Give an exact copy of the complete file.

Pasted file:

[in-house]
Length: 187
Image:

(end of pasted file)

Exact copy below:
[in-house]
Length: 187
Image: